CHAPEL HILL, N.C. (MarketWatch) – Think twice, even thrice, before rolling your 401(k) into an IRA when you retire.
I know, I know—this is directly contrary to conventional financial planning wisdom. And I don’t deny that there are compelling reasons for doing such rollovers—including, for example, the much larger array of investment options available to you in an IRA.
But this conventional advice also contains an Achilles’ heel, which rarely gets any attention. And it can end up leading to a significant reduction in retirees’ standard of living.
This flaw traces to what retirees typically do to their portfolios when rolling them over from a 401(k) into an IRA. Rather than maintain their previous equity allocation, they more often than not dramatically cut it. That can have huge consequences for their retirement portfolios’ long-term expected returns.
We have insight into what retirees do when rolling over their 401(k)s because of a recent study from the Employee Benefit Research Institute (EBRI) and JPMorgan Chase. The authors analyzed the EBRI’s database of more than 23 million 401(k) and IRA accounts as well as JPMorgan Chase’s database for about 62 million households. They found that “75% of retirees reduce their equity exposure after they roll over their assets from a 401(k) to an IRA.”
The authors say that they were surprised by how large this majority was.
The reduction was not insignificant, furthermore—the median was 17 percentage points, in fact. To appreciate how costly that could be, assume that a retiree increases his bond holdings by the amount he reduces his equity exposure. Assuming the IRA is worth $1 million when the rollover occurs, and that equities outperform bonds by their long-term historical average, this lower exposure level would cost him more than $100,000 over the course of his retirement.
Why rollovers lead to lower equity exposures
It initially seems surprising that retirees would reduce their equity exposure when rolling over their 401(k) into an IRA. After all, a retiree is perfectly able to maintain the same portfolio within the IRA as he had in the 401(k); nothing requires him to reduce his equity exposure. The reason that it nevertheless often happens traces to the decisions a retiree is forced to make when doing the rollover, in contrast to those he would have to make (or, actually, not make) if he decided to keep his assets in his 401(k).
Consider first the retiree who chooses to keep his 401(k). Assuming the retiree has been following a typical glide path, his equity exposure has been declining by about one percentage point a year leading up to his retirement. If he stays on that glide path, his equity exposure will continue to decline by about the same rate in retirement. The retiree is unlikely to make any big changes at retirement.
That’s because inertia is a powerful force in human nature. Making a change would require the retiree to explicitly determine whether stocks are overvalued or undervalued, both in their own right and relative to bonds. Since that is impossible to do with any certainty, many if not most retirees will default to staying the course.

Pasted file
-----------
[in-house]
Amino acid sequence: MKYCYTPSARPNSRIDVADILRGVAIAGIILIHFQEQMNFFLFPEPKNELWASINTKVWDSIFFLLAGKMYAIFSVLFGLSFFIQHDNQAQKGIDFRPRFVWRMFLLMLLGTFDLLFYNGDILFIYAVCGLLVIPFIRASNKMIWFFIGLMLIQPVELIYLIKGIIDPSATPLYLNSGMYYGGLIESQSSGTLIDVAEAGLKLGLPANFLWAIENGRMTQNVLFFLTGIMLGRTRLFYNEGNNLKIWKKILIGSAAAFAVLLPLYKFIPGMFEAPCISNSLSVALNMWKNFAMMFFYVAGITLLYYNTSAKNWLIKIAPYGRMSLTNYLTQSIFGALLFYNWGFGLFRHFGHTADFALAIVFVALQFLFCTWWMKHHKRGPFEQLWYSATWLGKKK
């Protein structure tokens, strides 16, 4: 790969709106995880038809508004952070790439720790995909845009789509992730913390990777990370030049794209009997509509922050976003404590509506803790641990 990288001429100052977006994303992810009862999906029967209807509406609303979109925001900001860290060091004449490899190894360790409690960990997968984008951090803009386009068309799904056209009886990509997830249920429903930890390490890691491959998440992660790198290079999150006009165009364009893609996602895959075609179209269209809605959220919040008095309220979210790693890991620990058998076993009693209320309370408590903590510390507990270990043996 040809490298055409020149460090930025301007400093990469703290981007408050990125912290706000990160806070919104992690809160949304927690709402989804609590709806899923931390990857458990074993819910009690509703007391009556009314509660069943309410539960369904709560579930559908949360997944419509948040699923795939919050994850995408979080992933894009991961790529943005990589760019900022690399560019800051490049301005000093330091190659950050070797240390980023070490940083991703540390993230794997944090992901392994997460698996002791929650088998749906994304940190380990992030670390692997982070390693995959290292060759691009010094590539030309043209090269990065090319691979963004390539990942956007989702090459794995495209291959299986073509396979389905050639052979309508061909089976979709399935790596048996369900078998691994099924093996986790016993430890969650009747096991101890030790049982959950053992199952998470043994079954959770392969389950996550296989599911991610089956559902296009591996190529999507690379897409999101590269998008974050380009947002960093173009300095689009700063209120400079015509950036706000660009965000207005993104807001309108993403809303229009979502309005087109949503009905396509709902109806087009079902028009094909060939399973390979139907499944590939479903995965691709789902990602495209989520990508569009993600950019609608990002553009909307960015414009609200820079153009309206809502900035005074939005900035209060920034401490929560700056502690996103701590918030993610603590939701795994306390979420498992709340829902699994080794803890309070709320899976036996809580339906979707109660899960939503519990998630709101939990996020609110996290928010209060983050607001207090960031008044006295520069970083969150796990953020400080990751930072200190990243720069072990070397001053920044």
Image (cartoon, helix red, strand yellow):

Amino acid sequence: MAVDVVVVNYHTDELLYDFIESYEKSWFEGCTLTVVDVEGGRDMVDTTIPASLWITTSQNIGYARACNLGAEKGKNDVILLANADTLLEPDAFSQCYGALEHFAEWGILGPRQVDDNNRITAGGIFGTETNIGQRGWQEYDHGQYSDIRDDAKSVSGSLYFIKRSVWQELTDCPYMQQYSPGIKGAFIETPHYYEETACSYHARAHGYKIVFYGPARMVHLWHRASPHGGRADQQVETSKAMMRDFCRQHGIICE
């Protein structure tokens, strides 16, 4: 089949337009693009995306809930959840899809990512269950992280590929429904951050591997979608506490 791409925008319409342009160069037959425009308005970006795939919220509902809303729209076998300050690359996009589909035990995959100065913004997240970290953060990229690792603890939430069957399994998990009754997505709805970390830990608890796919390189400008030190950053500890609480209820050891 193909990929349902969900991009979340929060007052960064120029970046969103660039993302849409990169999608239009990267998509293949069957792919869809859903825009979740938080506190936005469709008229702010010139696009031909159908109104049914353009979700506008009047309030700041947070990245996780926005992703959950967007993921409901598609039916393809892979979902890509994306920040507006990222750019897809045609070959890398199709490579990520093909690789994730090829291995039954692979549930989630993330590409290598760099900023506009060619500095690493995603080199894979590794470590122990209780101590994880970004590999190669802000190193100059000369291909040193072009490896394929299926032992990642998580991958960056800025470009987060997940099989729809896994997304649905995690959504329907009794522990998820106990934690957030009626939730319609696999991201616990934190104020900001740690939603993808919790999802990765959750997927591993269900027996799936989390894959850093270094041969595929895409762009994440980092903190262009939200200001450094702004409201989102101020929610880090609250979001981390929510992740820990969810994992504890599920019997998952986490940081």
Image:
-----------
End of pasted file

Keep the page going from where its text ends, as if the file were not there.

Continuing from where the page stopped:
The situation facing the retiree who rolls his 401(k) over to an IRA is far different. With the rollover he immediately will be presented with an indefinitely large array of investment options, compared to the handful of mutual funds that are available in the typical 401(k).
Furthermore, in some cases the retiree will be forced to rebuild his portfolio from scratch after the rollover. That will be the case when the 401(k) administrator transfers the assets to the rollover IRA in the form of cash rather than doing an in-kind transfer of current holdings. In that case it is doubly unlikely the retiree will end up with as high an equity exposure as before.
The difference between sticking with your 401(k) and rolling over into an IRA is analogous to that between incremental and zero-based budgeting. With the former approach, this year’s budget is likely to look a lot like last year’s—differing just incrementally, in other words. With the latter approach, in which this year’s budget is built from the ground up without reference to last year’s, the two years’ budgets stand a good chance of being significantly different.
Behavioral economists have often noted how the framing of a decision has a big impact on the outcome, referring to this branch of decision theory as “choice architecture.” Dan Ariely, a professor of psychology and behavioral economics at Duke University and a leading scholar of choice architecture, goes so far as to argue that our decisions are often made for us, since how choices are framed can have a bigger impact on our answers than the thought process we go through in coming up with those answers.
I’ve written before about the impact of choice architecture for retirees. Last year, for example, I pointed out that a mere rewording of a question about when to claim Social Security can lead to significant differences in when retirees do so. Though the issues surrounding rolling over a 401(k) into an IRA might not initially seem similar, they very much are.
This discussion doesn’t automatically mean you should not roll over your 401(k). But if you do, pay close attention to how it can unwittingly lead you into reducing your equity exposure. If your 401(k) administrator allows it, get them to transfer your current holdings directly into your rollover IRA rather than converting your portfolio to cash and transferring the proceeds.
In any case, a good rule of thumb in your rollover IRA might be to replicate your previous 401(k) portfolio, and then to wait a decent interval before making any changes. That way the choice architecture you face in your IRA will be the same as it had been in your 401(k).
Mark Hulbert is a regular contributor to MarketWatch. His Hulbert Ratings tracks investment newsletters that pay a flat fee to be audited. He can be reached at firstname.lastname@example.org